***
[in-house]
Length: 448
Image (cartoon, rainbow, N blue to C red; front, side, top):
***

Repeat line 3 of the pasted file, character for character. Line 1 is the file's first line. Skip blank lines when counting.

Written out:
Image (cartoon, rainbow, N blue to C red; front, side, top):